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Suffragists

Noelle E. C. Evans | WXXI News

 

  

Three prominent U.S. feminists in the 1800s -- Elizabeth Cady Stanton, Matilda Joslyn Gage, and Lucretia Mott -- learned what women's equality could look like through personal contact with Native American women.

Historian Sally Roesch Wagner of Syracuse is the author of “Sisters in Spirit,” which chronicles the influence of Haudenosaunee women on early U.S. feminists. 

She says that the three women witnessed the mirror opposite of their own society in Haudenosaunee culture.

Susan B. Anthony Museum & House/Facebook

The annual Rose Parade in Pasadena, California included a connection to Rochester on New Year’s Day. Members of the Susan B. Anthony Museum & House took part in one of the floats, and it won an award.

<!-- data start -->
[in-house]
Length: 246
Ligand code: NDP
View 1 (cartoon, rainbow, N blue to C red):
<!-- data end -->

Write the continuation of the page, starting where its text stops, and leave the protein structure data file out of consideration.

The float called “Years of Hope, Years of Change,” was a call to inspire Americans to remember the women who paved the way for a woman’s right to vote. The float won the 'theme award’ for most outstanding presentation of the Rose Parade Theme. This year’s overall parade theme was The Power of Hope, celebrating the influence of optimism and hope.

Beth Adams/WXXI News

The newest in the fleet of tugboats on the Erie Canal was christened Friday in honor of women’s suffrage leader Elizabeth Cady Stanton.

In the 19th century, the canal was like the interstate highway of the day. It was frequently the path traveled between Seneca Falls and Rochester as Cady Stanton and her fellow suffragists coordinated their campaign for women’s rights.

At Friday morning's dedication at Corn Hill Landing in Rochester, Cady Stanton's great-great-granddaughter, Coline Jenkins, said tugboats are a metaphor for the life's work of her historic ancestor.